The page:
A truck driver is in a long discussion with a group of soldiers in the middle of the separation roadway. The military policewoman from the concrete building comes out, stands far off on the barrier roadway, making a phone call. People wait and wait some more.

A car, empty of passengers, is thoroughly inspected inside and in the trunk, four soldiers standing around it, working oh so slowly, or just gazing.

No noise, just the wind, and the endless Occupation.

 

12:35 -- a green jeep, a yellow light atop it, appears on the Separation Barrier roadway, bearing a sign, "Security, Seam Line," and an un-uniformed man, gun in his back pocket, emerges. More privatization. There are now six soldiers here plus one security guard.

 

12:45 -- the white bus, empty today, bearing the dove, the present form the Italian Government, appears, and the driver stops to complain of all the problems created by the "situation:" he, too, once worked in Israel….

Three young men wait with the Seam Line Security man, but, at this point, we don't understand what's going on. A few minutes later, a pickup truck, also bearing "Security, Seam Line" on it, appears and whisks the young men off. At this point, the green jeep drives up to us, comments how busily we're writing all the time and tells us that the three young men are helping to build the security fence….

 

On Route 55

Passing near Qedumim, we're admiring the huge patches, almost "ponds" of blue lupins, when, suddenly, from a dirt path, just north of the settlement another pick up truck appears, "Security Seam Line." So, the Wall will begin to be built here now too?

 

 

14:00 Anabta

No soldiers, and the red traffic light never changes as traffic flows in and out of the still pristine, deserted checkpoint

 

14:10 Jubarra (Figs Crossing): Seam Zone village

Here, too, there's a traffic light, but this one is always green. Always green for the always locked gate leading up to the Seam Zone village of Jubarra. We have a lot of trouble getting through the gate, in spite of phone calls, made by Tami, prior to our arrival. "Nobody ever goes up there" we're told. Eventually, a soldier demands to see our "permit," and this, it appears, is the tag we wear to show we're MachsomWatchers!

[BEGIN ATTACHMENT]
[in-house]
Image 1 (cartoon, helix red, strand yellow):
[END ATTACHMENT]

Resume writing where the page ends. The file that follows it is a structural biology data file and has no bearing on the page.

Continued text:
As we drive up to the village, we note trees overflowing with yellow, unpicked lemons, one of the formerly empty poultry farms now filled to the brim with tightly packed chickens; green fields, overflowing with many small white flowers and a few red anemones, plus a herd of beautiful goats, some of whose frolicking kids are a silky grayish blue color. A white egret wanders happily in their midst, the shepherd, standing on the side of the roadway seemingly lost in thought.

 

Gate 753

The gate has "grown up," or become institutionalized, as everything in this endless occupation. There is an almost finished concrete house, a twin of the ones at Gate 1392 (Habla) or Ras Atiya on the far side of the Separation Barrier, an earth mover near by, digging a trench. The lights are on here, but there's little action. A yellow taxi still disgorges its passenger on the far side of the gate. A generator hums noisily, a tractor crosses from the village, and we note that a fully laden pickup truck makes its way, after inspection, along the Separation road to a far off yellow house. The one nearer the crossing seems to be no more, but a pile of rubble can be clearly seen, just off the separation roadway.

 

15:00 Jubarra gate

The soldier finally ambles over to unlock the gate to let us pass, but insists, not only on checking the trunk, and lifting up the carpet there but on the driver leaving her seat to open up the back (not as in Israel proper).